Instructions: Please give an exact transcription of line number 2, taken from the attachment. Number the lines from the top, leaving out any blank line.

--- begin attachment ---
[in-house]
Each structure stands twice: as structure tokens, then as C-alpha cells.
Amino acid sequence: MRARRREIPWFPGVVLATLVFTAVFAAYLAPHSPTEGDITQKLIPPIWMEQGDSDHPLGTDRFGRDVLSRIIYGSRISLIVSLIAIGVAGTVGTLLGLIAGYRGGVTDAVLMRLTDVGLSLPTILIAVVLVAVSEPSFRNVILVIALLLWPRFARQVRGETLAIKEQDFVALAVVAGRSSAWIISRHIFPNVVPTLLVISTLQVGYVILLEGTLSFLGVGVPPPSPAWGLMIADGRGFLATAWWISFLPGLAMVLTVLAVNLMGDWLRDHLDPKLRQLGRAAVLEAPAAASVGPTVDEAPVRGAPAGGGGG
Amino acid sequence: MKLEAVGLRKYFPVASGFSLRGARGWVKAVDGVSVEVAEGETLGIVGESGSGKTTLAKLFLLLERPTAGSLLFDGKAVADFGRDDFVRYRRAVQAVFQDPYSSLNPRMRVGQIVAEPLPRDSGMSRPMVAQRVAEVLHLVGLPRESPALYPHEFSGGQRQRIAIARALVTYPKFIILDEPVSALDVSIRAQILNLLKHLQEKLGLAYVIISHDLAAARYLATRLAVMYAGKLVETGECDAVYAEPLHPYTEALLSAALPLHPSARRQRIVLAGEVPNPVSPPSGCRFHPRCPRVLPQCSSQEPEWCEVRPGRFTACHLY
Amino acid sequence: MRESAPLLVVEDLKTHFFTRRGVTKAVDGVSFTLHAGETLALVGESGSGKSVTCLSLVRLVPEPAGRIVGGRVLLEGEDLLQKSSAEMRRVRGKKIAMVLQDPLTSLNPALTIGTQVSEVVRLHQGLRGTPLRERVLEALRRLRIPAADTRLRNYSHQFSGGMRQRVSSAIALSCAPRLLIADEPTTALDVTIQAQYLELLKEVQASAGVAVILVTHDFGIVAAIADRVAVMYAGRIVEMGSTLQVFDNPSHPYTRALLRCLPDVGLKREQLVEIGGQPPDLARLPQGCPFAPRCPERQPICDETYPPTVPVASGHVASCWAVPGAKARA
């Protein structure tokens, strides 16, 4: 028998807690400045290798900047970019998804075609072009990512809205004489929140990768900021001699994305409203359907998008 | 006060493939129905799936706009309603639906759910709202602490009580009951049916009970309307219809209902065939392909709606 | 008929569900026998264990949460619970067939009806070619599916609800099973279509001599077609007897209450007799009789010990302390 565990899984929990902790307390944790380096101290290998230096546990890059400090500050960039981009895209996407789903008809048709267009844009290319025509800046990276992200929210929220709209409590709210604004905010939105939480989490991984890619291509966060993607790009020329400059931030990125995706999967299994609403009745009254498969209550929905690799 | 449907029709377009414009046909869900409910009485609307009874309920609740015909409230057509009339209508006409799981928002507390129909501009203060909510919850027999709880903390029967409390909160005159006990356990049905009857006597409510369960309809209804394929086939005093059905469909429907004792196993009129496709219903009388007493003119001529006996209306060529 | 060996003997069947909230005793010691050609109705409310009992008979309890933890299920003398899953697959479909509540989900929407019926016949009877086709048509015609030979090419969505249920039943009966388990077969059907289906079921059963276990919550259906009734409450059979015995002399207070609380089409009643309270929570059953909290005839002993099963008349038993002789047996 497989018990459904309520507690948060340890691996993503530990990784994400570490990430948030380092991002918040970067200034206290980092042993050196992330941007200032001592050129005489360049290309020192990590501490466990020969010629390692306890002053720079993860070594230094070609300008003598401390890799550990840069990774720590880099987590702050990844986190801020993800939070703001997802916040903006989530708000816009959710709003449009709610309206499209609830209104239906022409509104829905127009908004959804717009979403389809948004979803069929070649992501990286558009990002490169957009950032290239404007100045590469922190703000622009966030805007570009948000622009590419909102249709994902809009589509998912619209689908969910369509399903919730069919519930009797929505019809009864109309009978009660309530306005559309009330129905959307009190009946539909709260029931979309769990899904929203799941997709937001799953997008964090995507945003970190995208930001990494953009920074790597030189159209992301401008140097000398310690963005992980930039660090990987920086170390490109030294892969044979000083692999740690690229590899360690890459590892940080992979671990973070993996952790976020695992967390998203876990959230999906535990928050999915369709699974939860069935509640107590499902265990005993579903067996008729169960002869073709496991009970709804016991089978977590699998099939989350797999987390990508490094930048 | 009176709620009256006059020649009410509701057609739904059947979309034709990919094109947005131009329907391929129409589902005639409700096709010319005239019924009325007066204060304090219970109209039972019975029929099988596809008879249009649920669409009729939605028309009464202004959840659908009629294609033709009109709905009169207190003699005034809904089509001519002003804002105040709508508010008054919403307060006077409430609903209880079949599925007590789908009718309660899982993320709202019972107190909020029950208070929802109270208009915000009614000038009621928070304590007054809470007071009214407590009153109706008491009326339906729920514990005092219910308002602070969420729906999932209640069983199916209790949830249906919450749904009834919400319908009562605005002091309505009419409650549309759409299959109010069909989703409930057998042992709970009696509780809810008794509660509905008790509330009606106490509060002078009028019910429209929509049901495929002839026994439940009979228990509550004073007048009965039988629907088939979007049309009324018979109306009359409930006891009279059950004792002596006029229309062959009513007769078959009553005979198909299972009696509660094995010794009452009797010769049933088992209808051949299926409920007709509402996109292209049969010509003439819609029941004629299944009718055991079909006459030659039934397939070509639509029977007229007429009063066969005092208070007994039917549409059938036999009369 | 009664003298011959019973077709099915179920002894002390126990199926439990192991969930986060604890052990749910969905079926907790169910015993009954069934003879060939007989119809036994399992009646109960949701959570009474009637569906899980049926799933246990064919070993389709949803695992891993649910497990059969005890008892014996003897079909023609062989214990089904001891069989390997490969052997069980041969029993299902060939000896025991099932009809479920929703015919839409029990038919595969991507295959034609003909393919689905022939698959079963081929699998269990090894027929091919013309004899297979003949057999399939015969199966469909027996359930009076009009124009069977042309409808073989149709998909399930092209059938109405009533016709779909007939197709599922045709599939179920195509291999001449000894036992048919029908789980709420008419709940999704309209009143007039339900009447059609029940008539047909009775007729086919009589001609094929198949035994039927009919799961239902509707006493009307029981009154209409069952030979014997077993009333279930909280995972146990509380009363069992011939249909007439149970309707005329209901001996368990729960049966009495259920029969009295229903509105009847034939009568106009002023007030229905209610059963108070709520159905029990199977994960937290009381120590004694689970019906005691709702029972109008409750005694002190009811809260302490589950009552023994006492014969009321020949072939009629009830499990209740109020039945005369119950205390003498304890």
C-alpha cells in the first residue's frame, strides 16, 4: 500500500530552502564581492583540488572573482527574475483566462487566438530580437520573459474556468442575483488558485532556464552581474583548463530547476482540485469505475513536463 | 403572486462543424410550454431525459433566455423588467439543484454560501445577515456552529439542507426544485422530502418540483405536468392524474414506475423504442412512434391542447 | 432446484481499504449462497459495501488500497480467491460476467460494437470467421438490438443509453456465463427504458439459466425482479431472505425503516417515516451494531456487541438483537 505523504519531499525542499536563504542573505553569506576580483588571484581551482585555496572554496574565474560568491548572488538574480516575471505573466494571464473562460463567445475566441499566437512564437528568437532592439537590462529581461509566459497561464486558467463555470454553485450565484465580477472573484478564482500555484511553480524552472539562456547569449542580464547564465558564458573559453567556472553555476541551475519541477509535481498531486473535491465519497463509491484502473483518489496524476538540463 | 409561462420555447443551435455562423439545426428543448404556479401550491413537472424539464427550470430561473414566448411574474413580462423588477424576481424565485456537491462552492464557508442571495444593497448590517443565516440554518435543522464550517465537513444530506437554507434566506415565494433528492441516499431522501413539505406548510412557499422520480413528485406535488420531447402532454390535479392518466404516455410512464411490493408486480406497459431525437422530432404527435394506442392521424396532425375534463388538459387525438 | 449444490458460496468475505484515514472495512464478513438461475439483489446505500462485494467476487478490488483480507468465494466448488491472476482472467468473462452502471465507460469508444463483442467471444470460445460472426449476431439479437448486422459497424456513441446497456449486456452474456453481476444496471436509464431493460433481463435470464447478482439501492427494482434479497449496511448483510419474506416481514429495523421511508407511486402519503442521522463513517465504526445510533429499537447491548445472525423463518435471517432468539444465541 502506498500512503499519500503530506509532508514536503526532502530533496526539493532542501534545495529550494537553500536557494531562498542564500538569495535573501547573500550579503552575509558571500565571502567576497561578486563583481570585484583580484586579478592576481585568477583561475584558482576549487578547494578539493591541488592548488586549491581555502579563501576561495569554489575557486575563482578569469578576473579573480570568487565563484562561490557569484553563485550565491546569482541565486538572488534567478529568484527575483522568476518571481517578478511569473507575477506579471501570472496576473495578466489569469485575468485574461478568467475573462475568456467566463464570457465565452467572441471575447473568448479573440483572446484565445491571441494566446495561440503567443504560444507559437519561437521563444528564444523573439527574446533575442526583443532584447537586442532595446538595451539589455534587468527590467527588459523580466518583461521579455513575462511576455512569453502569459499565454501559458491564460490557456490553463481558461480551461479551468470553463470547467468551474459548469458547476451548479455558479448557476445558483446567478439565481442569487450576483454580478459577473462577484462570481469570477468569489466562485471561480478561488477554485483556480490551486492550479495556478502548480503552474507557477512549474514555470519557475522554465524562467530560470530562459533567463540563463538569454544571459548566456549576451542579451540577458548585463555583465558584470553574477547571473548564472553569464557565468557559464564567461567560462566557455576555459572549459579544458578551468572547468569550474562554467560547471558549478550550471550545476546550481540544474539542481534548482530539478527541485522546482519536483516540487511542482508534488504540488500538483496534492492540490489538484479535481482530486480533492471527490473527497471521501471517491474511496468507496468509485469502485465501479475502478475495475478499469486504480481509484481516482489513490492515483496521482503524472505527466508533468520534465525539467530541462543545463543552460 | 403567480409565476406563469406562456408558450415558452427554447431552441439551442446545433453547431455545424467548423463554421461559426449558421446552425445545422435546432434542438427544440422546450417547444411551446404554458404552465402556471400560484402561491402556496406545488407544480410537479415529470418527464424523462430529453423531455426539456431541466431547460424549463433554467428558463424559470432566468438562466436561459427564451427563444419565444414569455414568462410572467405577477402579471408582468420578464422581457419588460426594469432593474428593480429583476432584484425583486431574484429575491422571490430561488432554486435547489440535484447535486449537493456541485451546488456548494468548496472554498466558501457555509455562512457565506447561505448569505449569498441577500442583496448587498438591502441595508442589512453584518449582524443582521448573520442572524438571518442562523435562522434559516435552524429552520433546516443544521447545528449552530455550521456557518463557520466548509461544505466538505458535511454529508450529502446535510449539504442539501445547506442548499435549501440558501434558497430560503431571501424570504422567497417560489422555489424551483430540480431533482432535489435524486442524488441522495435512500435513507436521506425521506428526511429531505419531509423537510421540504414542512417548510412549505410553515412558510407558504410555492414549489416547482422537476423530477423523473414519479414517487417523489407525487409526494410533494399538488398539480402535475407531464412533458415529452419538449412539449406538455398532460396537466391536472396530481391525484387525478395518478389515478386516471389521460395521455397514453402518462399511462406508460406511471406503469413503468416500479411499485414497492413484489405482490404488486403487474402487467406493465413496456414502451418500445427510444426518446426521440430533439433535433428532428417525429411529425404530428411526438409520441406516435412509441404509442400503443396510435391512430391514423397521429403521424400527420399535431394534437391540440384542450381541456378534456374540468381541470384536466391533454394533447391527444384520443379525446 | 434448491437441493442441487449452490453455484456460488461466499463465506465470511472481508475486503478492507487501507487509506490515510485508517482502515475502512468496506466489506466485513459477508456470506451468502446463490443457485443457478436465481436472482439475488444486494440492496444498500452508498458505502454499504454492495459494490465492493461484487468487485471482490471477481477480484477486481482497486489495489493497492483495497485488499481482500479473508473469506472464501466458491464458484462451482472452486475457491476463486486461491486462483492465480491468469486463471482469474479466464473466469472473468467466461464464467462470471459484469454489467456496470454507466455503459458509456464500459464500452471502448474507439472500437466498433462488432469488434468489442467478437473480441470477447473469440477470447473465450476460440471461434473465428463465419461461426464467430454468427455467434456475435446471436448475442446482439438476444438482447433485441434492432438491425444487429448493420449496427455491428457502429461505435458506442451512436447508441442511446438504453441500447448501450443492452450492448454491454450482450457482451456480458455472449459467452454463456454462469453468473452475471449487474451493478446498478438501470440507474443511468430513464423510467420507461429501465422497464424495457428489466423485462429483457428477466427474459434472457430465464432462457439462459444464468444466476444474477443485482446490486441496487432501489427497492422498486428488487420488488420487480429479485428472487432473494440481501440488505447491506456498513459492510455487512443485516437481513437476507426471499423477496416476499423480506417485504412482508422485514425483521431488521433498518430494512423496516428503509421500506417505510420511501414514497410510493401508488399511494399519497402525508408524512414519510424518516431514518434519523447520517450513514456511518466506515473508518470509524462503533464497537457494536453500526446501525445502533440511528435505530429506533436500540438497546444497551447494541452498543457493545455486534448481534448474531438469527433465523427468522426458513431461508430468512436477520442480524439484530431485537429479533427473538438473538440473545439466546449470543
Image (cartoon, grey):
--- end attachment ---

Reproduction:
Each structure stands twice: as structure tokens, then as C-alpha cells.